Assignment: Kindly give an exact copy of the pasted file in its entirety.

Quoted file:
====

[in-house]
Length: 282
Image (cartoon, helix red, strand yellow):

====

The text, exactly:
[in-house]
Length: 282
Image (cartoon, helix red, strand yellow):